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Landmark national study supports use of whole genome sequencing in standard cancer care

In the largest study of its kind, scientists today report how combining health data with whole genome sequence (WGS) data in patients with cancer can help doctors provide more tailored care for their patients.

  • Study shows that combining whole genome sequence and clinical data together at scale supports the delivery of precision cancer care, where cancer diagnosis and treatment is tailored to the individual patient
  • Results support increased use of genomic testing in cancer care via the NHS Genomic Medicine Service
  • The research shows the value of data from the ground-breaking 100,000 Genomes Project to improve understanding of cancer and help researchers to develop new treatments.

The research, published today in Nature Medicine, shows that linking WGS data to real-world clinical data can identify changes in cancer DNA that may be relevant for an individual patient’s care, for example by helping identify what treatment might work best for them based on their cancer.

The study, led by Genomics England, NHS England, Queen Mary University of London, and the University of Westminster, analysed data covering over 30 types of solid tumours collected from more than 13,000 participants with cancer in the 100,000 Genomes Project (opens in a new tab). By looking at the genomic data alongside routine clinical data collected from participants over a 5-year period, such as hospital visits and the type of treatment they received, scientists were able to find specific genetic changes in the cancer associated with better or worse survival rates and improved patient outcomes.

The study showed that WGS could provide a more comprehensive view of a tumour's genetic landscape by detecting various genetic changes using a single test. This research uncovered significant findings across different cancer types, such as:

  • Over 90% of brain tumours and over 50% of colon and lung cancers showed genetic changes that could affect how patients are treated, guiding decisions about surgery or specific treatments they might need.
  • In more than 10% of sarcomas, larger DNA changes, known as structural variants, were identified that can impact clinical care and treatment.
  • In over 10% of ovarian cancers, the study pinpointed inherited risks offering crucial insights for clinical care.
Scientists working at the East Genomic Laboratory Hub

The analysis also revealed patterns across several cancers and uncovered different types of genetic changes that might explain response to treatment or predict possible patient outcomes. Together, the findings show the value of combining genomic and clinical data at scale to help healthcare professionals make the best treatment decisions with their patients.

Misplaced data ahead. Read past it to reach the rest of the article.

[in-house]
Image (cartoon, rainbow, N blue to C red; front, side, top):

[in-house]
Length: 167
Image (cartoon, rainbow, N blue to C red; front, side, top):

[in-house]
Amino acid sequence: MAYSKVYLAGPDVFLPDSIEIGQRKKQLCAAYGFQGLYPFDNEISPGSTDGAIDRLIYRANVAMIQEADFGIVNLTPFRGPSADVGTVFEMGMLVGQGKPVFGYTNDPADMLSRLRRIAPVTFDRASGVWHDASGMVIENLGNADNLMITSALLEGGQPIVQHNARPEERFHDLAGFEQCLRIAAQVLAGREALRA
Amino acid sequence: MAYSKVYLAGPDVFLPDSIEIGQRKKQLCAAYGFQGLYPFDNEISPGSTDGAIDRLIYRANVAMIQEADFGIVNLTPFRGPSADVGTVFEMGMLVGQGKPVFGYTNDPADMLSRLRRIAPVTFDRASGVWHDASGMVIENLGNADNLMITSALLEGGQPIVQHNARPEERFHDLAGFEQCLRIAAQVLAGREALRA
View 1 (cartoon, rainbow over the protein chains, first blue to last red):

WGS allows us to read someone’s entire genome – the 3.2 billion letters that make up our DNA – with just one single test. For patients with cancer, this technique can be used to compare DNA from their tumour to the DNA in their healthy tissues.

The 100,000 Genomes Project laid the foundations for the NHS to become the first national health system to offer WGS as part of routine care via the NHS Genomic Medicine ServiceThis study shows the value of investment in national infrastructure to generate clinical and genomic data at scale on patients and participants who consent to research in an NHS setting - allowing researchers to uncover insights to drive improved diagnosis, care and treatment for patients with cancer.

Dr Nirupa Murugaesu, Principal Clinician - Cancer Genomics and Clinical Studies at Genomics England, Oncology Consultant and Cancer Genomics Lead at Guy's and St Thomas' NHS Foundation Trust said: "This study is an important milestone in genomic medicine. We are starting to realise the promise of precision oncology that was envisioned ten years ago when the 100,000 Genomes Project was launched.

“We are showing how cancer genomics can be incorporated into mainstream cancer care across a national health system and the benefits that can bring patients. By collecting long-term clinical data alongside genomic data, the study has created a first-of-its-kind resource for clinicians to better predict outcomes and tailor treatments, which will allow them to inform, prepare, and manage the expectations of patients more effectively.”

Professor Dame Sue Hill, Chief Scientific Officer for NHS England and Senior Responsible Officer for Genomics, said: “With this new study, data from the 100,000 Genomes Project continues to build the evidence for the use of genomic testing to deliver precise molecular diagnoses to inform personalised treatments and interventions for patients.

“The insights gained in this study, in which genomic patterns or profiles have been mapped out in thousands of patients with different types of cancer, support and inform the NHS Genomic Medicine Service in providing a comprehensive genomic testing service for patients with cancer and signals a promising future for healthcare as we continue to hone and enhance the NHS use of genomics and tailor interventions for improved outcomes.”

Dr Patrick Tarpey, lead scientist for solid cancer in the East Genomic Laboratory Hub, based at Cambridge University Hospitals NHS Foundation Trust said: 'We very much welcome this landmark study and the potential it brings for improving treatments and care for our solid tumour patients. We recognise the contribution of all those patients who have provided their health data to the 100,000 Genomes Project thus improving the diagnosis, treatment and ultimately survival for cancer patients receiving treatments today.'

Research publication: ‘Insights for precision oncology from the integration of genomic and clinical data of 13,880 tumors from the 100,000 Genomes Cancer Programme’ Sosinsky et al. Nature Medicine. DOI: 10.1038/s41591-023-02682-0